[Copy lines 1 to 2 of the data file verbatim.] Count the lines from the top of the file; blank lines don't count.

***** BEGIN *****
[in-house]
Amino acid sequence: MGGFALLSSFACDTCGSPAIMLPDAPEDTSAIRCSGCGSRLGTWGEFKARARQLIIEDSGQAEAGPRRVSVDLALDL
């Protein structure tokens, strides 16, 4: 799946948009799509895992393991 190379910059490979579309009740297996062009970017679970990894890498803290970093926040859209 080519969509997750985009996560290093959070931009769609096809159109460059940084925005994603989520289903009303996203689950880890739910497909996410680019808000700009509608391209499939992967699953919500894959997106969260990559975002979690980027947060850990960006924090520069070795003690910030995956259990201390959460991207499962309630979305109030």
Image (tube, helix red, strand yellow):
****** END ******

[in-house]
Amino acid sequence: MGGFALLSSFACDTCGSPAIMLPDAPEDTSAIRCSGCGSRLGTWGEFKARARQLIIEDSGQAEAGPRRVSVDLALDL